Older Adults: Tips to Spice Up Your Sex Life

Medically Reviewed by Michael W. Smith, MD on March 16, 2021
4 min read

Just because you’re older, doesn’t mean it’s over.

“I have a graphic that says, ‘Old people have sex. Get over it,” says Joan Price, a 77-year-old award-winning author, public speaker, and educator specializing in senior sex. “There’s no expiration date on sexuality, but many people let it go because their bodies don’t work the way they did before. Instead, we can adapt, invent, and recreate exciting sex, and relax into it in a whole new way.”

When you were younger, hormones drove sex. As you age, your hormone levels decline.

In men, this means lower levels of testosterone.

You may notice:

  • Shorter orgasms
  • Weaker ejaculation and less semen output
  • You need more stimulation to get and maintain an erection
  • You need more time to have another erection after you ejaculate

In women, estrogen levels drop before and after menopause.

You may notice:

Medical conditions and illness, medication, and surgery can affect your sexual health, and so can your body image.

“Some people say, ‘Oh no, how can anyone want me with all these wrinkles?’ or ‘I can’t have sex because my erections are unreliable,’” Price says. “But sex can be better at this time of life than it ever was because we know ourselves. We know what we need and what we want in sex and life.”

Communication is the only one-size-fits-all sex tip for everyone at any age.

“Older people were not taught to talk about sex or even acknowledge sexual pleasure and what they need,” Price says. “We didn’t learn to tell someone, ‘I’d really love if you do this instead.’”

Whether you’ve been with your partner since dinner or for decades, no one can read your mind. Things that felt good when you were younger may not feel good now. Don’t fake it: Learn loving ways to say what you need.

“Acknowledge where we are mentally and physically,” Price suggests. “Say, ‘I can’t hold this position because it hurts my knees, back, or neck,’ or ‘We need to have a threesome with a sex toy right now because I can’t have an orgasm without it.’”

Because a lack of hormones makes it more difficult to reach orgasm as you get older, you may not cross the finish line in the same way you did before. But you can still enjoy the ride.

“Sex is better when it’s not goal oriented. We can relax into the pleasure of the sensation,” Price says. “Take out the expectation that sex has to be intercourse. There are many other ways to give and receive pleasure and sensation -- and maybe orgasms -- rather than to have this one sex act you always thought was ‘real sex.’”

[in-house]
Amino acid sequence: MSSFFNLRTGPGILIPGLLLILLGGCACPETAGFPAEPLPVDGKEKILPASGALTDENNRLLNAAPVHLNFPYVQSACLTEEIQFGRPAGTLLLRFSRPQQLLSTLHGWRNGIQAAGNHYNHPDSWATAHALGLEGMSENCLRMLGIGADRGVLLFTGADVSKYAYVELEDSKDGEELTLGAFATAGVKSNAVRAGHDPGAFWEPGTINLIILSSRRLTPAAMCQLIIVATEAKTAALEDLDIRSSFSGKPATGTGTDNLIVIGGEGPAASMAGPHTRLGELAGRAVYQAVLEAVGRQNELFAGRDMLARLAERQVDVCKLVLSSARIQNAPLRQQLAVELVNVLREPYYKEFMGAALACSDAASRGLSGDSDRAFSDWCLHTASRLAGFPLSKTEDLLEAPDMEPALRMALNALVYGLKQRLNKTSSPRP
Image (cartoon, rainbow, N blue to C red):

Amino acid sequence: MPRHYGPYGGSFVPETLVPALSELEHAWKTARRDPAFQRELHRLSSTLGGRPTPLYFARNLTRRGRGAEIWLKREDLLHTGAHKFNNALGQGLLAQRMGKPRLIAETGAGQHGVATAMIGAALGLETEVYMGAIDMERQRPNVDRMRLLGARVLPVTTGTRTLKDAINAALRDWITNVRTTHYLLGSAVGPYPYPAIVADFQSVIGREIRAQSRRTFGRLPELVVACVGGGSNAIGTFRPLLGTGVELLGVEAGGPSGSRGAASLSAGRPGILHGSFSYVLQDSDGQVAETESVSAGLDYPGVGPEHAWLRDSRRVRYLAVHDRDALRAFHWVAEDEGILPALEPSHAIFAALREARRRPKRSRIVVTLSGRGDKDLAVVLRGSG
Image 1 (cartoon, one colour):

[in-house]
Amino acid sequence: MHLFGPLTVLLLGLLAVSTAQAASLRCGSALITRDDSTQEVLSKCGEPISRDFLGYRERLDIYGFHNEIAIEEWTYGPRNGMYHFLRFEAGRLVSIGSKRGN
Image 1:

As you age, a sex toy isn’t just an enhancement; it can be the difference between having an orgasm or not. Price, who also reviews sex toys, says there are many wonderful toys out there for both partners.

A good sex toy should be strong enough for your aging body, but should build in intensity instead of going from zero to 100 mph. It should also be:

  • Able to work for a long time without losing its charge
  • Easily rechargeable
  • Made of body-safe materials
  • Comfortable to hold for long periods of time
  • Slim (Price says aging vaginas “aren’t as welcoming of girth”)

Perhaps most important, your sex toy should be something you can control easily by look or feel. “There’s nothing less sexy than fumbling for your glasses so you can see the controls on your sex toy,” Price says.

Your go-to position may not feel good anymore.

“Instead of ‘try a new position,’ I encourage people to find the position that’s the most comfortable for you -- the one that enables you to focus on the pleasurable sensation without any aches or pains,” Price says. “You can explore new positions for novelty, then settle back into the position that’s most comfortable for you.”

Role play gives you the freedom to say anything, do anything, and be anyone. Up-front communication with your partner sets you up for success. Start with questions like these:

  • Should we role play one fantasy at a time? Or come up with one together?
  • Name something that turns you on just to think about, even if you’d never do it in real life?
  • If we tried to role play what you just described, what part would you want me to play and how would you want me to play it?

If your partner isn’t comfortable with it, you can always role play in your mind.

“Our main sex organ is our brain,” Price says. “You can role play in your fantasy without anyone knowing. It’s not a betrayal of what you’re doing with your partner; it’s an enhancement to what you’re doing with your partner.”

If you consume younger erotica, you may be more depressed than aroused. Consider age-appropriate porn, magazines, books, or websites.

“Older people are already self-conscious about how they’re limited by the aging process, including aches, pains, and the inability to do things the way they used to,” Price says. “To celebrate age, not just acknowledge it, is a wonderful way to stay sexy and zesty as we get older.”